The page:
Dues. Union dues pay for medical and life insurance services and also proactive services such as negotiating salary scales. Even non-union members benefit from services like starting salaries. The dues that go to the national and international affiliates provide benefits to all workers in a broader sense. Some work-related legislative initiatives with strong union backing are minimum wage increases, workers’ compensation, the Medical Leave Act and OSHA standards.
National affiliate. National union affiliates commonly cross over into new industries. Although this makes some strange bedfellows, it should not cause alarm. When the United Steelworkers of America union first attempted to organize group homes many believed the steel company cared less about the developmentally disabled community — all they wanted was money from membership dues. But now, the steelworkers union has developed a strong commitment and reputation in representing the health care sector of their union.
GradSOC’s potential affiliation with the joint efforts of the National Education Association and the American Federation of Teachers makes sense because professional educators make up their core constituency. In addition, NEA/AFT has a long history of working with graduate assistant locals, including the University of Wisconsin and University of Michigan. In fact, the addition of graduate assistants to the union’s statewide chapter, known as Education Minnesota, could give higher education a stronger voice at our state Capitol.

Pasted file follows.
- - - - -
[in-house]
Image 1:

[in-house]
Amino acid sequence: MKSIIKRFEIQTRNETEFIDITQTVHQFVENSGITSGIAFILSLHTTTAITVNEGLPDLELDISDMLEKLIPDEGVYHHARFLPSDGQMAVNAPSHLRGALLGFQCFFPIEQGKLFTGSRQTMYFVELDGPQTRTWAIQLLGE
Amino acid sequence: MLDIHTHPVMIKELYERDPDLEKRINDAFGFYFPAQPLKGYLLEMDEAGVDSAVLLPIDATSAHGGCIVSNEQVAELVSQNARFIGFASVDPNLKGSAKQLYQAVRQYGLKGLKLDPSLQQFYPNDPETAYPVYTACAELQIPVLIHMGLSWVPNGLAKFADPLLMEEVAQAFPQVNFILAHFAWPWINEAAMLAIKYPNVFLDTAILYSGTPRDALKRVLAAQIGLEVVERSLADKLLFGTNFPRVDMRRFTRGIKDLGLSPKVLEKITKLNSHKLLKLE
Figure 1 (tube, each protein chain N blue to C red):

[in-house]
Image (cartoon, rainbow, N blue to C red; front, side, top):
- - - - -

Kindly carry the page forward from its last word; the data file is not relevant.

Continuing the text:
Corruption. Corruption is probably the most ominous factor regarding unions. Fears that their dues might end up financing fat cat salaries and Cadillacs for union officials are justified. Jimmy Hoffa’s reign leading the International Brotherhood of Teamsters proved this could happen. Now, given the democratic participation within most union locals, this is unlikely.
For a graduate assistants’ union, the chance of corruption is even less likely. The temporary nature of graduate school almost ensures that the rotating elected leadership would not become entrenched enough to become corrupt. However, members would likely stay around long enough to pass on enough relevant information to create an institutional memory for graduate assistants, which facilitates the ability to learn from previous negotiations.
Next week, GradSOC will officially file a petition for the graduate assistant union election that will likely take place this spring. A graduate assistant union might not have an immediate impact on graduate assistants, but this is not just about immediate gratification. It’s also about what a graduate assistant union means for future University students. A union is not about one specific issue or grievance, it’s about ensuring representation and having a voice in the decision-making process.
Ed Day’s column appears every Thursday